Your browser is no longer supported. For the best experience of this website, please upgrade to a newer version or another browser.

Your browser appears to have cookies disabled. For the best experience of this website, please enable cookies in your browser

We'll assume we have your consent to use cookies, for example so you won't need to log in each time you visit our site.
Learn more

Etail customers say never trust a stranger

David J Smith

It shows how much harder the pure-play online retailers have to work to build trust with the consumer

As the British Retail Consortium and Office for National Statistics argued over how good or bad Christmas on the high street was, it was gratifying to see total online sales up a very positive 17% year on year when internet shoppers spent £5.46bn in December, a 3.8% sales rise compared with November.

During the festive shopping season, the peak week for online shopping was the second week in December - a week later than the peak week in December 2008 - as etailers put up an aggressive fight against the recession.

It’s interesting to note that between January and November last year, both multichannel and online-only retailers followed a similar growth pattern as the total etail market. However, during December the IMRG Capgemini E-Retail Sales Index showed a monthly decline of 7.6% in sales for online-only retailers, whereas the index for multichannel retailers rose 13% from,the previous month.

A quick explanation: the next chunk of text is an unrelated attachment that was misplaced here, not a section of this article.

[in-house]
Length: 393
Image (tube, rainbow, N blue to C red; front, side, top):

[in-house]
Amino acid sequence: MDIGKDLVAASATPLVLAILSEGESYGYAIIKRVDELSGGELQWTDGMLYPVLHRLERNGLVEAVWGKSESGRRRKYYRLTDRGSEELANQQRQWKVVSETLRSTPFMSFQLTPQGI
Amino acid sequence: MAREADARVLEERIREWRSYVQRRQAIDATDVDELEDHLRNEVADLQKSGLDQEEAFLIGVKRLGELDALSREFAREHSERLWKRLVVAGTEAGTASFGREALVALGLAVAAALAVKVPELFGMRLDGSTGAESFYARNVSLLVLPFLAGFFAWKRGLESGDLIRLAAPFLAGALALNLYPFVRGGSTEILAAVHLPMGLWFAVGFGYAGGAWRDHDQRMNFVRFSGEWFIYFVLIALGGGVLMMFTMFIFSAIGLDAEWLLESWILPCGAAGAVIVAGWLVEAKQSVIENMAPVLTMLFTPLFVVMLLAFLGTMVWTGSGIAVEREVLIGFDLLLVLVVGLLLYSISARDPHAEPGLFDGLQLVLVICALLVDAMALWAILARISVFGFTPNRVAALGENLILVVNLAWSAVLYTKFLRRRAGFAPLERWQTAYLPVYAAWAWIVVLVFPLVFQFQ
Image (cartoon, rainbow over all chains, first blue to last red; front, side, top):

While growth rates may have differed slightly during 2009, this December we saw for the first time that the index of these two splits of retailers diverged significantly in index value. Is this an indication of the trust advantage high street retailers have when consumers are thinking about delivery promises and gift returns and the increasing influence of click-and-collect? I also believe this possibly shows how much harder pure-play etailers have to work to win trust among consumers, especially those outside of the big-name players.

IMRG estimated the total UK etail market was worth £49.8bn in 2009, up from £43.8bn in 2008. Growth may be more difficult this year, but it will continue and so we are forecasting a 13% rise in 2010, estimating the market to be worth £56bn.

Have your say

You must sign in to make a comment

Please remember that the submission of any material is governed by our Terms and Conditions and by submitting material you confirm your agreement to these Terms and Conditions. Links may be included in your comments but HTML is not permitted.